Yellow Pine Project Threatens Wildlands in Nevada

NextEra Energy is proposing to build a 250 megawatt solar project in Nevada's Pahrump Valley that would destroy 4.6 square miles of intact desert habitat on public land.  The project would further push the distance that residents of the Las Vegas area will travel to experience desert wildlands not scarred by industrial-scale energy projects.  The Ivanpah, El Dorado, and Moapa areas to the south and north of Las Vegas have lost approximately 21 square miles of desert habitat to industrial-scale solar development in the past few years.

Approximate area under consideration by NextEra for the Yellow Pine Solar project in the Pahrump Valley.  The total application area covers over 9,000 acres, and the final project would destroy approximately 3,000 acres of the parcel.

Some of the lands being considered for the project host desert tortoises already relocated once from a Clark County sanctuary, meaning the animals that survived the initial translocation will again be jeopardized, according to Basin &Range Watch.  Even before the tortoise translocation, the lands had been identified during Fish and Wildlife Service as a priority desert tortoise connectivity area.

The Yellow Pine Solar project will also require substantial water for construction and maintenance in a groundwater basin that is already severely over drafted.  Although the project does not currently have a power purchase agreement, Nevada's utility company has favored destructive centralized power plant and has funded attacks on rooftop solar.  This is despite the fact that analysis has soundly concluded that rooftop solar provides a net benefit to the grid.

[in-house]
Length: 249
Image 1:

1. Enough already with these "grandfathered projects" that are taking advantage of applications that were filed by other companies long time ago with different technologies proposed. These new projects should be subject to current rules and policies regarding applications in variance lands not identified as solar energy zones. as such, they should be held to a much stricter minimization and mitigation standard and before all should be avoided altogether. These projects and the energy they produce should be located on parking lots and rooftops at the point of use for the energy produced. The desert is not a wasteland and should no longer be treated as such.


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